I guess to further try to understand...I'll use my .357 for example--and just so everyone knows, I would never do this!!!! It's just to illustrate what I am trying to say, in order to understand more fully, based off your comments. I have a .38 special round with 3 gr of powder and a 158 gr rn. Would it yield the same pressure if I took a .357 round with the same 3 gr of powder and 158gr rn, but seated the bullet to match the .38 round? Same volume, isn't it? And in theory, the same pressure?
     
  8. Mooseman684

    Mooseman684 G&G Newbie

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    I disagree...My .45 acp cases , .30 carbine cases, and .44 mag cases as did my 45 colt cases when I shot them years ago all lengthened after several reloadings and had to be trimmed. Belling the mouth and crimping as well as firing works the brass and lengthens it...
     
  9. lefty o

    lefty o G&G Evangelist

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    thaddy , yes volume has something to do with pressures, but even with the same powder charge, you can get more pressure with the bullet seated out closer to the rifling.
     
  10. thaddy1978

    thaddy1978 G&G Addict

    Thanks Lefty, I understand. But Regardless (with the .357/.38 example), pressure would be the same because the bullets would be seated to the same OAL as each other. The 357 would essentially be a 38 spec. with a longer case. The bullet being seated closer to the rifling does in fact change the pressure, that point is clear to me...the volume changes. It won't change (regardless of case length) if they are both seated the same (per my example). Know what I mean?
     
  11. Mooseman684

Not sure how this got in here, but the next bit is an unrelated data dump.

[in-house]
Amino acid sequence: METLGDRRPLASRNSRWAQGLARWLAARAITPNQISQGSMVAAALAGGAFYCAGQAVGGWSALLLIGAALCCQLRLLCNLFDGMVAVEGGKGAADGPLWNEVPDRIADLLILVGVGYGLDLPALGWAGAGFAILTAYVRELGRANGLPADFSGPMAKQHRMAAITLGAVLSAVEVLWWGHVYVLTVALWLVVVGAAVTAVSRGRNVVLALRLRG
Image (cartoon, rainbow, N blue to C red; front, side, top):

Mooseman684 G&G Newbie

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    Thaddy, a couple Thousandths in a REVOLVER might not make much of a difference ,as long as COAL is in spec, BUT in a Semi-auto Chamber you can get Major problems...
     
  12. thaddy1978

    thaddy1978 G&G Addict

    Yes, I could see it being more of an issue in a semi-automatic. But would the issue primarily be a chambering issue vs. a pressure issue? And yeah, I guess my whole point is so long as the COAL is in spec, pressure won't change...theoretically speaking.
     
    Last edited: Sep 24, 2010
  13. I guess one way to verify, and in the end, settle the disagreement, is, measure a .45acp case before shooting it and then measure it after words.

    To be honest, I didn't plan on trimming any of my handgun cases, semi-auto or revolver. When I got to reloading rifle, you betchya...
     
  14. Mooseman684

    Mooseman684 G&G Newbie

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    Many factors can affect pressure...temperature, the amount of Friction holding a bullet, the amount of crimp, the bullet material and size,primers, even the difference in powder batches can be 5%~10% IN PRESSURE.
     
  15. thaddy1978

    thaddy1978 G&G Addict